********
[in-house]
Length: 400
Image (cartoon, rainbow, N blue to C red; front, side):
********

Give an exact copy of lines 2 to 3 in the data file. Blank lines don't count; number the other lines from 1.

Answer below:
Length: 400
Image (cartoon, rainbow, N blue to C red; front, side):